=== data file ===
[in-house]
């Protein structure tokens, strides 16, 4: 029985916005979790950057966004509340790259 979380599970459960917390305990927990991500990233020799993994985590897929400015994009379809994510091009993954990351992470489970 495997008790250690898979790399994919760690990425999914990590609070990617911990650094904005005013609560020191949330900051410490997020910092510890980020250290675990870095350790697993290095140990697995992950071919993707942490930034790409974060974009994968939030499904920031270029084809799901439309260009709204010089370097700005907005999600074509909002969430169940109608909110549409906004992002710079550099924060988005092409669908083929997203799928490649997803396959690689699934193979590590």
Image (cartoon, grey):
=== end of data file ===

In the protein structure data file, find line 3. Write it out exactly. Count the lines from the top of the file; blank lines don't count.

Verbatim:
Image (cartoon, grey):